It’s hard to deny Vampire Survivors was 2022’s sleeper hit and the perfect refresher for indie roguelites to rethink what they could achieve after living under the shadow of The Binding of Isaac for more than a decade. Poncle’s surprise banger has already inspired countless developers to jump on the “infinite horde roguelite” bandwagon, and while many titles out there are solid riffs on Vampire Survivors, it’s hard to find truly unique angles on the new formula that’s here to stay.
Enter caiys, a UK-based dev among the few who have “cracked the code” and are pushing forward whatever subgenre Vampire Survivors gave birth to last year. Of course, like with Poncle’s hit game, caiys’ Boneraiser Minions draws inspiration from several genres and chunks of video game history. With the main attraction being that minions do the fighting for the player against the seemingly endless horde of enemies, I couldn’t help but think of the Overlord games, in which you played as an evil master looking to regain his lost power through the control of legions of servants bound to him through dark magic.
Although, Boneraiser Minions’ structure is that of a roguelite through and through. The ultimate destination of most runs is a return to the grave from which you just came – players control a boneraiser (necromancer) once killed that now seeks revenge after coming back to life. The Overlord connection is right there, and it’s expressed through gameplay beyond the basic premise of weird little (and big) guys doing the killing for you, as spells can be found and used manually by the boneraiser.
Back inside the mausoleum, the “meta progression” layer of the game offers more than just the traditional permanent upgrades found in other roguelite titles. One would expect caiys to settle for a quick homage to Vampire Survivors, but he’s gone the extra mile so far (Boneraiser Minions is in early access.) to give players plenty of customization options and even extra modes to tackle. The biggest surprise comes from the inclusion of a card-based side game that uses unlocks found within the main experience, but rebuilding the arena of combat ahead of pesky humans flocking in offers an unexpected layer of pre-battle strategy that you can tinker with in a variety of ways. As a result, there’s more to each run and the meta portion of the game than just leveling up the boneraiser and their summons.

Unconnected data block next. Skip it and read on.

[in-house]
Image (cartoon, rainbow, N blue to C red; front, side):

This commitment to build variety is as clear as day early on – the game is quick to point out there are several classes you can evolve, each with its own playable identity and focus on different types of minions and styles of play. In fact, there’s even a “vampire survivor” class who is only the tip of the iceberg when it comes to cheeky homages and winks to both video game and film history. As tight as Boneraiser Minions feels, caiys hasn’t forgotten to have silly fun with this one. I’ve found myself often chuckling at the sharp and mostly comedic writing too – it flows naturally and is much better than you’d expect from a small game that is mostly concerned with how it plays and evolves.
Boneraiser Minions also allowed me to discover the excellent pixel art caiys crafts time and again for his games. While his earlier games showcase a different art style, it appears that something clicked together in 2015 with Straima, since the games that came after it also went for the extremely colorful, high-contrast retro visuals. After checking out so many retro-styled indie games over the years, it feels energizing to come across overlooked gems that look as awesome and unique as they play.
You might be wondering whether Boneraiser Minions is as easy to pick up and play as Vampire Survivors, and the answer is yes… kinda. I’d say the runs are generally shorter, and controls, while not as ridiculously simple, are very straightforward. Any tinkering that happens on the meta layer is fast and easy to understand too.
So, what’s the catch? Well, the moment-to-moment action certainly requires more of your undivided attention, as attacks don’t come from you, but rather from a herd of skeletons and other monstrosities that have a mind of their own, even if their prime directive is protecting the boneraiser. As a result, you have to be actively running around and dashing to avoid the biggest groups of enemies, collect bones and currency, and trigger some helpful traps.
Could almost passive runs be achieved as more unlocks are available and the strongest minions take over the battles? Maybe. But right now, I think Boneraiser Minions is actively avoiding the Vampire Survivors comparisons as much as it can. It’s a more chaotic, unfocused, and demanding experience in all the right ways. If you’re looking for another addictive horde-based roguelite while you wait for Vampire Survivors’ next DLC, I think Boneraiser Minions’ distinct flavor is well worth tasting.